1. Puzzling. Central to Sans Forgetica is a theory called "desirable difficulty," which basically says that human brains work better and show their true abilities when they encounter minor obstacles. Left rather than right leaning font and letters whose lines have gaps where we expect none to be are examples. As much as we think we want ever more straightforward simplicity and guarantee in our lives, 100,000 years of human evolution says that's not quite right. We want difficulty, we just want it to be the desirable kind, what Banham describes not as leaping tall buildings in a single bound, but simple puzzles. Sans Forgetica inserts those puzzles for you, stimulating that part of your brain that hungers for more than routine.
  2. Coming To The Edge. Sans Forgetica automatically awakens that part of our brains we too often give the day off. But the story of how this new font came to be in the first place teaches us a different lesson: To advance anything, we have to be willing to come to the edges of what we know. The eclectic group behind Sans Forgetica, choosing to work together beyond their individual fields is one example of coming to the edge. But more pertinent to every one of us is what Stephen Banham had to do in his own head. Even just to begin to explore the possibilities, he says, he had to override 25 years of ingrained thinking born of studying topography the way everyone in his field is taught to study it. It was a conscious choice to see what he could see beyond the safety of the borders he knew. What he discovered across those borders led to Sans Forgetica, but what he discovered about the edge was more valuable still: that edge we fear will be like stepping off a cliff when we approach it, is really more like stepping off a curb.
  3. Rule Breaking. Sans Forgetica is a result of this truth about creativity and innovation: rules are meant to be reexamined, retested, and even broken. We are taught to fear rule breaking, because we are told its intension is to bring disorder. But Melbourne-based font team never sought to break the rules of design of typography out of rebellion or disrespect. They began with those all important and oft forgotten first steps when it comes to rules, the willingness to reexamine and retest their value. It's as simple as that. If the rules serve you well, leave them alone. If they don't, there's a good chance it's time to bend or break them.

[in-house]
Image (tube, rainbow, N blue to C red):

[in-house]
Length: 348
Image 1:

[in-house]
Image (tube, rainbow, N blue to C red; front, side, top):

4. Co-creating. Hidden in all of this is a lesson vital to the creation of Sans Forgetica and to all creation: Nobody does it alone. Can we have individual creative ideas? Of course. But breakthrough ideas are always an accumulation of many smaller ones reaped from many minds. And weaving them altogether, shaping them into something substantive, and extracting lasting value from them is, despite the Horatio Alger mythology, a job of the many, not any one.

If you want to try Sans Forgetica you can download it for free from the University's website. But if you want to increase the odds of successful innovation ongoing and in anything you do, just remember the 4 powerful insights this unforgettable new font embodies.

If you want to learn more about creativity or innovation, check out other Inc. columns by Larry Robertson or his award-winning book on creativity, The Language of Man. Learning to Speak Creativity.